Alumni Update: Arundhati Velamur
Teaching Mathematics, Doing Mathematics
Who can do mathematics? As a teacher at a New York City public school, it’s a question I spend a lot of time considering - not the answer to it, but rather, the way in which my students think about it. Because their perceptions of mathematicians influence their conception of themselves asdoers of mathematics. The cultural messaging around these questions is very strong. On TV, mathematicians and physicists look a certain way: they are almost always male, socially awkward, and with few interests or capabilities outside their field. And then there are the social signals: we hear our parents and aunts and uncles talk about being “a math person” or not being one. My students enter my classroom with fixed, absolute preconceived notions about themselves vis a vis mathematics: “I can’t do math.” Or, “I always was good at it, so I don’t understand why I’m not anymore.”
Reform educators in mathematics have spent decades finding ways to dismantle such thinking in the maths classroom. If a student thinks that mathematical ability is fixed or unchangeable, they’re never going to engage with the mathematical ideas that come up. Mathematicians run on the fundamental belief that mathematics is understandable and accessible, that there are ways to break its ideas down and ways to build them back together. The maths classroom in schools, then, needs to be an active space where students are not merely told the material, but are in fact involved in the construction of it—-and the doing of it. For the last four years, I have focused on developing pedagogy and curricula that speak to that need. I work closely with my colleagues to motivate fundamental ideas and to create problem sets that help students make connections. And I was starting to see the impact on the mathematical identities of students working on non-routine problems. But there were always students I wasn’t reaching, and I couldn’t figure out what was missing until I attended the Park City Mathematics Institute this past July.
The Park City Mathematics Institute (PCMI) is an annual three-week summer workshop for people involved with mathematics in a variety of ways: from the researcher and the graduate student to the undergraduate professor and school teacher. One of the goals of the institute is to bring these often isolated groups together and to give each group the opportunity to experience a little bit of the work the others engage in. In the summer of 2017, I was fortunate to be among sixty school teachers from across the United States to participate in the PCMI Teacher Leadership Program. The experience was transformative for me and has informed how I think of myself - both as a teacherand a student of mathematics.
Each day of the Teacher Leadership Program (TLP) at PCMI starts with two hours of “Morning Math,” wherein teachers work in groups of six on connected problem sets related to the institute’s mathematical theme for the year. (The theme this year was Random Matrices.) As I worked through problems connected with fibonacci-type sequences and the eigenvalues of associated matrix transformations, I developed a remarkable appreciation for them from different perspectives. As a teacher, I loved how much choice and access was built into the problem sets and how thoughtfully the transitions from one problem to the next were developed. They also reflected so much of what I wanted my own students to accomplish: they encouraged us to work together and share our approaches with each other; they allowed for different perspectives and different tastes among those working on them; and they built up to a variety of difficulty levels, so that each individual could go as deeply into an advanced mathematical topic as they wished to.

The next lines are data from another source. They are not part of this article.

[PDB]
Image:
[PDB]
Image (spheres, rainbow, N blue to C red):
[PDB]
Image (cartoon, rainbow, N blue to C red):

As a student, I devoured them. I hadn’t done higher mathematics in a very long time, and I looked forward to sitting down with a fresh bunch of problems everyday or to returning to a problem that had kept me up the previous night. Over the course of the workshop, I realized that I was subject to so many of the same notions I have sought to disrupt in my students. I had placed unreasoned limits on my own abilities as a student of mathematics and had decided I was only so good at it.
PCMI helped me rediscover my love for the mathematical struggle—for working relentlessly on a problem until you make that breakthrough. It found the mathematics student hiding inside me. But more importantly, it has made me a better teacher: because a maths teacher who doesn’t think she can do maths can’t be very good at making her students think they can.
About me: I am a 2012 alumna of the Inlaks Shivdasani International Scholarship. I have a Masters in Mathematics Education from Teachers College of Columbia University, and also hold the New York State teaching certification in mathematics. Prior to attending Columbia University, I received an M.Sc. in Mathematics from the Indian Institute of Technology, Bombay and worked in financial analytics in Mumbai. Since February 2014, I’ve been on the mathematics faculty at the Bard High School Early College (BHSEC) in Queens, New York City. BHSEC Queens is a partnership between the New York City Department of Education and Bard College, a private liberal arts college. The goal of the institution is to provide urban high school students with two years of tuition-free university education. I am also an Early Career Fellow of Math for America, a foundation working towards supporting expert teachers of mathematics and science in public education in the US. You can learn more about the Bard Early Colleges here, about Math for America here, and about the Park City Mathematics Institute here. You can also follow me on twitter @picayune03 .